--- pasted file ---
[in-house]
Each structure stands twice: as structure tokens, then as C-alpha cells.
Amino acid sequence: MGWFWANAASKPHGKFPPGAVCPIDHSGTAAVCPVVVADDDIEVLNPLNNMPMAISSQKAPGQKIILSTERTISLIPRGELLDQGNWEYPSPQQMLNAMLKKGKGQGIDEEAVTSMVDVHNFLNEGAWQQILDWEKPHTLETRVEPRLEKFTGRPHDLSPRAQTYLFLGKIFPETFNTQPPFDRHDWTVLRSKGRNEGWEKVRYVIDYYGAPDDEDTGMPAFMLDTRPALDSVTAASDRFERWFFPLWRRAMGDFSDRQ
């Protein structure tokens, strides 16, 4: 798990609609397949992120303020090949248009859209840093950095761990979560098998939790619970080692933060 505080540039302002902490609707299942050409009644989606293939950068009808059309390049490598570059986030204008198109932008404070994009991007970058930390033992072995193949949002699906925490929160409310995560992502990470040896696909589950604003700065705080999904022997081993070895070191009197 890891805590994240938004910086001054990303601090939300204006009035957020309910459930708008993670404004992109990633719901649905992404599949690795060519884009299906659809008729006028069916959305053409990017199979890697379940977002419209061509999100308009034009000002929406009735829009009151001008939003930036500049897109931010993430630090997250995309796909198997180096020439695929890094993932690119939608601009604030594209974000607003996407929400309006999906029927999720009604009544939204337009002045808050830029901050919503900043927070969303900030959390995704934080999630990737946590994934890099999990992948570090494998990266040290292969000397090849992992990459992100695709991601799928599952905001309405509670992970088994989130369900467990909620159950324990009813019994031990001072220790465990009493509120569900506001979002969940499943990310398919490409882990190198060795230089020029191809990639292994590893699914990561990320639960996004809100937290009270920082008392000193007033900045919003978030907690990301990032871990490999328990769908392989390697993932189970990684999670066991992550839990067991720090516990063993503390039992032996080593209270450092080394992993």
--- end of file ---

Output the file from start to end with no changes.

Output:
[in-house]
Each structure stands twice: as structure tokens, then as C-alpha cells.
Amino acid sequence: MGWFWANAASKPHGKFPPGAVCPIDHSGTAAVCPVVVADDDIEVLNPLNNMPMAISSQKAPGQKIILSTERTISLIPRGELLDQGNWEYPSPQQMLNAMLKKGKGQGIDEEAVTSMVDVHNFLNEGAWQQILDWEKPHTLETRVEPRLEKFTGRPHDLSPRAQTYLFLGKIFPETFNTQPPFDRHDWTVLRSKGRNEGWEKVRYVIDYYGAPDDEDTGMPAFMLDTRPALDSVTAASDRFERWFFPLWRRAMGDFSDRQ
């Protein structure tokens, strides 16, 4: 798990609609397949992120303020090949248009859209840093950095761990979560098998939790619970080692933060 505080540039302002902490609707299942050409009644989606293939950068009808059309390049490598570059986030204008198109932008404070994009991007970058930390033992072995193949949002699906925490929160409310995560992502990470040896696909589950604003700065705080999904022997081993070895070191009197 890891805590994240938004910086001054990303601090939300204006009035957020309910459930708008993670404004992109990633719901649905992404599949690795060519884009299906659809008729006028069916959305053409990017199979890697379940977002419209061509999100308009034009000002929406009735829009009151001008939003930036500049897109931010993430630090997250995309796909198997180096020439695929890094993932690119939608601009604030594209974000607003996407929400309006999906029927999720009604009544939204337009002045808050830029901050919503900043927070969303900030959390995704934080999630990737946590994934890099999990992948570090494998990266040290292969000397090849992992990459992100695709991601799928599952905001309405509670992970088994989130369900467990909620159950324990009813019994031990001072220790465990009493509120569900506001979002969940499943990310398919490409882990190198060795230089020029191809990639292994590893699914990561990320639960996004809100937290009270920082008392000193007033900045919003978030907690990301990032871990490999328990769908392989390697993932189970990684999670066991992550839990067991720090516990063993503390039992032996080593209270450092080394992993």